Business meeting etiquette is basically good common sense, but one that takes a little practice.
Certainly, we can all identify what not to do when planning and/or attending a meeting, but often what we really need is a set of guidelines or rules of etiquette as to how to do this successfully. Here are some business etiquette tips to help.
Attending a Meeting:
- Be on time. Always arrive a few minutes before the meeting is set to begin. This indicates respect for the person planning the meeting and shows that you are organized.
- Be prepared. Before the meeting, be sure to read any related material or review policies and procedures that will be addressed. You will be much better able to provide valuable input.
- Bring a notebook and pen. It's proper manners to give the speaker your undivided attention. Even if you don't take a single note, this will show that you are interested in the agenda and serious about your role at the meeting.
- Participate. When the chairperson asks for feedback and you feel that you have something to contribute, be sure to do so. Ask questions as well.
- Be polite and attentive. Never engage in cross-talk in a meeting and be courteous to the person who has the floor. Listen to what is being said and resist the urge to argue with anyone.
- Conduct yourself professionally. Meetings are a great place to let people know that you are serious and have something to offer. If you display proper etiquette and manners, this message will be sent. Use this opportunity to demonstrate your knowledge and understanding.
- Thank the chairperson. It's such a little thing, but thanking the person who organized the meeting is not only good etiquette, it is also a sign of respect.
Running a Meeting:
- Plan ahead. If you are responsible for calling a meeting, plan ahead before sending out the notification. Make sure that all interested parties are invited.
- Set a clear agenda. In your meeting invitation, clearly state the agenda. List the action items and request that attendees come prepared to address these issues. Attach related documentation for review and request input.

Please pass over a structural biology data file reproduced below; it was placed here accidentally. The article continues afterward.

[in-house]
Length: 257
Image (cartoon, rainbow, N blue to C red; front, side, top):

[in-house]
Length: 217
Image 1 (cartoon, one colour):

- Set a time limit. In today's business environment, everyone is busy. By setting a clear time limit, you are showing that you respect your coworkers' need for time management as well as your own.
- Dress professionally. You want to be taken seriously, and appearance is important. Even if it is "casual Friday," wear appropriate business apparel.
- Encourage punctuality. Never be late to your own meeting! Set an example and plan to be in the room a few minutes before the start time.
- Manage the meeting. Stick to the agenda and keep an eye on the time. Politely discourage cross-talk and make sure that every person has an opportunity to speak. Move the agenda along, but not so fast as to miss key points. If the meeting goes off-topic, remind the group of the agenda at hand and suggest that unrelated matters be addressed at another time.
- Avoid engaging in petty bickering or arguments. Remain calm and diplomatic, no matter how heated the discussion may become. This portrays your good manners to the group.
- Summarize. At the end of the meeting, sum up the action items and if necessary, request another meeting.
- Follow-up. Once the meeting is over, follow up with all attendees. Send a list of action items, resolutions and issues that remain open. Thank people for taking the time to attend, and request feedback.
Now you're on your way! Consider taking a few online courses in business to learn other great tips.